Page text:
Changing Marijuana Laws In Washington State.
For supporters of legalizing marijuana, it was a historic moment, one that drew comparisons to the end of Prohibition: On Tuesday, voters changed the Marijuana Laws in Washington State and Colorado and made it legal to smoke pot recreationally, without any prescription or medical excuse.
But as Gov. John Hickenlooper of Colorado cautioned voters on Tuesday night: “Don’t break out the Cheetos or the Goldfish too quickly.”
For one thing, it will be a month before the measures are officially on the books, and longer still before state officials write the rules, tax codes and other regulations creating new state-licensed retail marijuana shops. But the larger, looming problem is a clash with the federal government, which still views marijuana as a Schedule I prohibited substance and has cracked down on states, like California and Montana, that have voted to allow medical marijuana.
In a statement on Wednesday, a spokesman for the Drug Enforcement Agency said the Justice Department was reviewing the ballot measures and declined to comment directly on how officials would respond to them. But he said the agency’s enforcement of federal drug laws “remains unchanged.” The United States attorneys in Denver and Seattle responded with nearly identical statements, offering no clue on whether they would sue to block the measures from being put into effect.
It is a murky landscape now, one that potentially pits voters who supported President Obama and legalization against the president’s own Justice Department. In 2010, weeks before California voted on an unsuccessful initiative to legalize marijuana, Attorney General Eric H. Holder Jr. announced that authorities would still aggressively prosecute marijuana laws.
But that has not always been the case. In Colorado, the federal government has largely allowed the state-regulated medical-marijuana industry to operate, and supporters said they hoped the government would take a similar laissez-faire stance as the new laws took effect.
“I don’t see D.E.A. agents sweeping into Colorado and Washington and enforcing drug laws that were previously enforced by local agencies,” said Norm Stamper, a former Seattle police chief who campaigned for the Washington measure despite a personal preference for dry martinis over pot brownies. “It would be extremely poor politics. The will of the people has been expressed.”
Although elected officials, parents’ groups and top law enforcement figures opposed the measures, they nevertheless won support with voters who saw little harm with regulating marijuana similarly to the way alcohol is. Colorado’s marijuana law passed with 54 percent support, and Washington’s with 55 percent.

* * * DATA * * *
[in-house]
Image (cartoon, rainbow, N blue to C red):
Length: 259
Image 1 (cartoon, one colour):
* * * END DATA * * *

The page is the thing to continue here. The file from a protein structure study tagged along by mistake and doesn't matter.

Changing Marijuana Laws In Washington State and Colorado
Colorado and Washington are among 18 states with medical marijuana laws, but they become the first in the nation to approve the use for recreational purposes. A similar measure in Oregon failed on Tuesday.
As soon as the laws are certified, it will be legal under Colorado and Washington law for adults 21 years and older to possess up to an ounce of marijuana. In Colorado, people will be able to grow as many as six plants. In Washington, users will have to buy their marijuana from state-licensed providers.
“They can’t arrest you for it, and they can’t seize it,” Mr. Stamper said. “It’s yours.”
The measures will also set up regulations for industrial hemp, a fibrous plant that contains traces of the main psychoactive chemical in marijuana.
The laws do not allow people to light up in public, and cities and counties will be able to block marijuana retailers, in much the same way that blue laws have restricted alcohol sales for decades. And it remains illegal to drive a motor vehicle while high on the drug.
Supporters say the laws will end thousands of small-scale drug arrests while freeing law enforcement to focus on larger crimes. They estimate that taxing marijuana will bring in millions of dollars of new revenue for governments, and will save court systems and police departments additional millions.
Opponents warned that the law would set Colorado and Washington on a collision course with the federal government and encourage teenagers to use marijuana.
It is still unclear how much will change. The streets here in Denver and across Colorado are already lined with shops, their windows decorated with green crosses and pot leaves, advertising all-natural plant treatments and herbal health aids.
“Coloradans are accustomed to having this stuff above ground, supervised by state authorities and having it regulated,” said Ethan Nadelmann, executive director of the Drug Policy Alliance, which supported legalization.
To advocates, the real power of the measures’ passage may be that they signal a change in the way voters think about drugs and drug policy in the United States.
Brian Vicente, a leading campaigner for the Colorado initiative, summed it up this way: “It’s a historic one, man.”